'Daewoong risk' could put a damper on AbbVie-Allergan mega-merger

Lee Han-soo  Published 2019.08.07  16:22  Updated 2019.08.13 08:55


Daewoong Pharmaceutical's launch of Jeuveau, its botulinum toxin (BTX) product, in the U.S. may overshadow the $63 billion merger between the two multinational pharmaceutical giants, AbbVie and Allergan.

Daewoong Pharmaceutical's botulinum toxin Jeuveau

The AbbVie-Allergan merger comes at a time when the AbbVie's shares plunged 21 percent in the past six months with its market cap falling to $107.5 billion.

It is no secret that Botox is one of the main reasons that AbbVie acquired Allergan as the company is aiming to diversify its portfolio away from Humira, its blockbuster autoimmune disease treatment.

Abbvie CEO Rick Gonzalez also told investors and analysts that the company plans to invest heavily in Botox to keep driving its growth, when the company first announced that it would acquire Allergan on June 26.

As Botox makes up about one-fifth of Allergan sales, the continued success of Allergan's Botox is critical to AbbVie.

Botox is still showing strong sales growth both in the U.S. and globally. In the second quarter of this year, the sales of Botox for cosmetic use amounted to $252.4 in the U.S. and $175.8 million elsewhere, up 6.7 and 10.7 percent, respectively, from the same period last year.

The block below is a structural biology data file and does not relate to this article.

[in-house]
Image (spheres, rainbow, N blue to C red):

However, the 6.7 percent U.S. growth was somewhat meager when comparing it to the sales growth in the first quarter, which recorded a 16.7 percent increase year to year.

While the exact reason for the decline in sale growth is unknown, it is highly likely that Daewoong and Evolus' Jeuveau is one of the factors that caused the decline in sales growth.

While Evolus plans to report its second-quarter record next Monday, Daewoong's second-quarter figures have shown that sales for Jeuveau saw a 300 percent increase, from 5.5 billion won ($4.5 million) in the first quarter of this year to 18.6 billion won in the second quarter.

Different surveys by analysts have shown that U.S. doctors are also showing a generally positive view of Jeuveau.

"In some cases, doctors noted that the demand for Jeuveau even outstripped its supply," Fierce Pharma, a U.S.-based medical news outlet, said citing a report made by Louise Chen, an analyst at Cantor Fitzgerald. Chen's report showed that the vast majority of patients asked for Jeuveau. Fierce Pharma also reported that doctors in one survey said they expected to switch 43 percent of patients over to Jeuveau.

Daewoong plans to capitalize on the favorable response and raise its market share by actively promoting its product in the U.S. market through Evolus.

"The first and second quarter should be seen as a settlement phase for Jeuveau in the U.S. market," a company official said. "The company plans to further increase sales for Jeuveau from the start of next year by promoting the product through Evolus."

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